ST Associated owner worried about renewal

The Associated’s owners recently closed a Third Avenue Met Foods supermarket. (Photo by Sabina Mollot)

The Associated’s owners recently closed a Third Avenue Met Foods supermarket. (Photo by Sabina Mollot)

By Sabina Mollot

The owners of Stuyvesant Town’s Associated Supermarket are worried that theirs could be the next local supermarket to disappear.

While the end of the store’s 15-year lease is still two years away, one of the owners said they have been trying to confirm that there would be an opportunity to renew at that time for over a year.

According to Joseph Falzon, the principal owner of the Associated, he’d been asking because he wants to renovate the store.

But, he explained to Town & Village, he wanted to make sure the store had a future before making the investment, which he feels is necessary given competition from places like Trader Joe’s and Whole Foods in Union Square.

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Letters to the Editor, Nov. 20

Thankful to a neighbor in Stuyvesant Town

Giving thanks came early last week at Associated thanks to Pat, the lady behind me on line, who insisted on paying my grocery bill when the cashier informed me I had only three cents left in my food stamp account.

It was November 12, my usual day to start receiving food stamps for the month, and I had only a small change purse with me that had nowhere near enough to cover the bill.

What I didn’t know was that the federal government wasn’t working on Veterans Day so all those who usually get their allotment on the 11th had to wait til the next day and those on the 12th still another day. Don’t know how long it takes for everyone to get back on schedule.

This most generous woman lives in Stuyvesant Town but refused to give me her last name so we could eventually pay her back. She’s somewhere in the SW quadrant near Playground 7, maybe 455 or 453 East 14th St. And we can’t thank her enough!

Name withheld, ST

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Letters to the Editor, Oct. 16

Mayor’s actions aren’t measuring up

Re: “The Soapbox: Why the mayor won’t support a conversion,” T&V, Oct. 9

To the Editor:

Iggy Reilly argues that the mayor won’t support a conversion because it would reduce the number of affordable housing units; since the mayor supports “affordable housing,” whatever that means, he can’t appear to contradict himself by advocating both.

This argument assumes that the mayor really supports affordable housing because he has said so. But his actions say otherwise. He has followed in the footsteps of Bloomberg and Giuliani and appointed a Rent Guidelines Board that has just increased rents again. If the mayor is not aware of the obvious, let me point out that increasing rents more and more every year results in less and less apartments that could be, at least “considered,” affordable.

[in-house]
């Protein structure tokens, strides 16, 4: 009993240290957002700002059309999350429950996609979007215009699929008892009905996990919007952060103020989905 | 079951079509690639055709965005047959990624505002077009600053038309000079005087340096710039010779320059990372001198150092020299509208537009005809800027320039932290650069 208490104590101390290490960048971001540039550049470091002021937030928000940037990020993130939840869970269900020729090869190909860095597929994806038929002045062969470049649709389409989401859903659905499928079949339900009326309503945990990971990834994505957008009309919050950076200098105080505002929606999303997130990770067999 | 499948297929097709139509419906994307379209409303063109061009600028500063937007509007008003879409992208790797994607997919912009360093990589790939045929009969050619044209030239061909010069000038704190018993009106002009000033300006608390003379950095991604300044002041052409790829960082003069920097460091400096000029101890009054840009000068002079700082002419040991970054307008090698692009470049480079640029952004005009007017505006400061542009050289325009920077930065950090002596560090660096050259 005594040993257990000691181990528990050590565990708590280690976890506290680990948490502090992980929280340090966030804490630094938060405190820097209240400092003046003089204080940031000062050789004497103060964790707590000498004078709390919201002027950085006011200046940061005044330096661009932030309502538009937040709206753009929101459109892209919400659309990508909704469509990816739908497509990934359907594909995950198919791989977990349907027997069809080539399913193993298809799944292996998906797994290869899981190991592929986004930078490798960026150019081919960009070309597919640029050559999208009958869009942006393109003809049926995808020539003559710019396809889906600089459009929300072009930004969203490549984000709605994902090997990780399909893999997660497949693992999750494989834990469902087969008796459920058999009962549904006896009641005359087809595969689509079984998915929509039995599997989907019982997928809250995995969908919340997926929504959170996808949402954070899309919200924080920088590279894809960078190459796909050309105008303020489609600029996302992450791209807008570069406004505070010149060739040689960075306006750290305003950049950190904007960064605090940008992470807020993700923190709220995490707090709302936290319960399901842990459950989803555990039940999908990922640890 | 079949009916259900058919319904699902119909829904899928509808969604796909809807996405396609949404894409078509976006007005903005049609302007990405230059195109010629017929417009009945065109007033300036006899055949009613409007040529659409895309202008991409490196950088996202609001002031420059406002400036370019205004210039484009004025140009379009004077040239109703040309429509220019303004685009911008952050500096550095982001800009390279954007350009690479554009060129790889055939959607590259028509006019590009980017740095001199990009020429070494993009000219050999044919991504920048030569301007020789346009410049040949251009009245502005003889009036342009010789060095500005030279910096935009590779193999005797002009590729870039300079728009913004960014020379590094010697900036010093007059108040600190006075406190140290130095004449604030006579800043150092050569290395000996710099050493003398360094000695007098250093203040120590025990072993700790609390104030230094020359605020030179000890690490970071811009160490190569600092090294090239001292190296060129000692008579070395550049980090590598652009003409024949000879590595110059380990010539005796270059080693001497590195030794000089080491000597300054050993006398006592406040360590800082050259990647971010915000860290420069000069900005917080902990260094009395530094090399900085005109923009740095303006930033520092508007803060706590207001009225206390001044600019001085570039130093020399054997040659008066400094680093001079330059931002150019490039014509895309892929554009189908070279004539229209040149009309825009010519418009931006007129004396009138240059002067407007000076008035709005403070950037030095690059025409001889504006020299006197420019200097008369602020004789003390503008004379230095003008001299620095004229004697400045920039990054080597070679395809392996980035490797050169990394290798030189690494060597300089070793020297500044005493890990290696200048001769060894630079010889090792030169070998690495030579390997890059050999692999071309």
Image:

But in truth with rent hikes every year for the past 20 years and more and more MCIs, affordable rents are approaching levels that could change a stabilized apartment to one subject to the free market. Affordability is a joke.

When I was working as a New York City teacher, my rent ate just 16 percent of my salary. Now retired, my “affordable” rent devours 47 percent of my pension, so I have less money to pay more rent. So I doubt the mayor is interested in affordable housing, at least not in Stuy Town where he undermined the efforts of our tenant-friendly neighbor and councilman, Dan Garodnick. Seems the mayor didn’t want a tenant advocate to head the City Council.

We live in a city, state and country where Greed is God, er, good. So if conversion is the goal, it will be necessary to stuff the ravenous jaws of that obese monster Greed with more green stuff than the other guy. Or, if the other guy has more cash (most likely), tenant groups around the city could wage a city-wide education campaign to inform millions of tenants that their rent hikes are the result of the mayor’s actions and urge them to write so many letters to the mayor that all the offices at City Hall will be stuffed.

The mayor must be made to realize that he will not be re-elected unless he reduces rents, not allow them to continuing increasing like the monster Greed.

John Cappelletti, ST

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